Did You Know?

Did You Know? It’s not by chance that most of the world drives on the right side of the road. You can thank one of history’s most famous military conquerors for right-hand drive.

Few individuals in history have had such a massive impact on the world as the French emperor Napoléon Bonaparte. From military strategy and the modern political map to the spread of Enlightenment ideals around the globe, Napoléon shaped the world through his successes as well as his failures. The predominance of a right-hand drive is just one example.

In America and much of Europe, we drive on the right side of the road, while England and a few other nations drive on the left. In the ancient world, horsemen would usually pass on the left side. Since most people are right-handed, it made sense to pass strangers on the same side as your sword arm.

But when Napoléon swept across Europe with his Grande Armée, he instituted a right-side rule everywhere he conquered. Why? Some claim that he was left-handed, and this gave him a personal advantage. But right-hand passing was already the standard in France and the American colonies when Napoléon came to power.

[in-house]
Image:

In the late 1700s, new kinds of heavy wagons were developed. Due to their size and weight, they needed to be pulled by teams of horses. Because of right-handed predominance, teamsters would sit on the rear left horse so they could control all the reins with their good hand. This necessitated passing on the right to safety.

Napoléon assembled the largest military force that Europe had seen in centuries, and efficient transportation was vitally important – as was the institution of uniform traffic laws. Countries that resisted French conquest, like England, kept passing on the left. As the European nations established colonies around the world, they imposed their road rules wherever they went.

So India and much of East Africa, which were under the control of the British Empire, drove on the left. Many of these countries gradually reverted to right-side driving, mostly for convenient trade with other right-sided nations. Today, only about 35 percent of the world drives on the left.

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